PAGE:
Some of the best-known novels of the 19th Century were published serially, chapters or sections appearing in magazines or newspapers as they were written. Obviously, there was no ‘rubbish first draft’ involved. Although there may have been some editing involved before they showed up in book form, what we read today are pretty much first drafts.
It is entirely possible to write a work ready for publication in one pass; more so if one is experienced and has the methodology down. I certainly write better stuff from the start than I did a few years ago. Voltaire churned out ‘Candide,’ as is, in a few days, and Johnson took only a bit longer to do the same with ‘Rasselas.’ Stendahl’s ‘The Charter House of Parma’ was dictated over a few weeks in something close to final form. Dickens, Thackeray, even Hugo, did the serial publication thing, showing the first parts of their novels to the public before they had finished the rest of the narrative. H. Ryder Haggard refused to do any rewriting on his books, claiming that an attempt at polishing would take away from their impact.
The whole rough first draft concept is at least partly a result of the typewriter. Editing oneself as one goes along is difficult when typing but quite a bit easier when writing longhand. And, of course, the modern word processor makes editing at any point quite simple. My first novel, the YA title ‘The Middle of Nowhere,’ was produced with a combination of hand writing and typing. That is, roughly written by hand, with plenty of editing as I went, then typed out and edited/rewritten further. I did the first novella-length section of my four-book ‘epic,’ ‘Donzalo’s Destiny,’ that way too. Both saw a fair amount of rewriting — but nothing too drastic, admittedly. I had worked out any major problems at the first stage, thanks to being able to edit myself there. From that point on, I wrote mostly on the computer.
That included editing those early books for publication. I transferred ‘The Middle of Nowhere’ to the PC, typing the whole thing into Word Perfect, my word processing program of choice then (I still like it for office stuff — not so much for writing). Since, I have written all my novels in Open Office Word, start to finish. Even my outlining.
I do outline, roughly. It might be better described as a sort of synopsis, rather than a formal outline. There will be a list of points to hit. There will be a number of questions posed, usually — what if I did this or what if that happened? Then the whole thing grows in an almost Nabokov-like fashion (but file cards are not needed when using a computer!), with me working here and there, bringing up different sections in a non-linear approach, writing scenes, bits of dialog, and so on.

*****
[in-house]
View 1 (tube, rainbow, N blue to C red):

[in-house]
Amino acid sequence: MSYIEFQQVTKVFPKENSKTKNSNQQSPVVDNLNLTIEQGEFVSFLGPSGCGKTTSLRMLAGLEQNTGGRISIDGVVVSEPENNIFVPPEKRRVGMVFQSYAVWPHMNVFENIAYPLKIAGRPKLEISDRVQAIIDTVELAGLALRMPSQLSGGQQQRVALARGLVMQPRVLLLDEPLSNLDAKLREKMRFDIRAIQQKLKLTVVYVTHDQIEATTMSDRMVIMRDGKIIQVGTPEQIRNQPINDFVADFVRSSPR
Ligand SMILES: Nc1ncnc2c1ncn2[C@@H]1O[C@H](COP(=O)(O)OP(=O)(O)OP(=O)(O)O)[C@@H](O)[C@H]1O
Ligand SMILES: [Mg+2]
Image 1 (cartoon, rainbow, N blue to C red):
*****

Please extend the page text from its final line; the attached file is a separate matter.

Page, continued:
Admittedly, I must write out the linear narrative eventually. Changes will occur. That is inevitable. But the result is not really a first draft. I revise and rewrite and edit as I move along with this draft, and the result is really what some might call their second draft. Or whatever one chooses; how can one number versions when the work is being constantly revised? One thing is for certain: I have gotten much better at writing out a somewhat finished novel on the first go. I know what I want to say and how to say it. If anything, I fear that I may have become a little too facile.
When I go back through that draft — probably after letting it rest a little while — I will be editing some. A major change is highly unlikely. At any rate, it hasn’t happened yet! Mostly, I end up adding bits of description or exposition here and there to make things clearer. It is rare that I need to cut anything at all. I am an economical writer by nature, not inclined to write anything unnecessary, not inclined to experiment or deviate from my plan.
If new ideas pop up, they are jotted down for use in some future story. Believe me, I have a lot of those in my files. There are scenes from novels I won’t be writing anytime soon — but may impinge on ones I will. That sort of world building is a part of my process. There is more material than I shall ever be able to get to — but I’ll keep at it anyway.
To each their own, of course. I do not urge my method on anyone else. I do, however, point out that one needn’t follow that ubiquitous advice to write the ‘rubbish’ first draft. It is only one way of many to produce a novel and, for me, not the right way.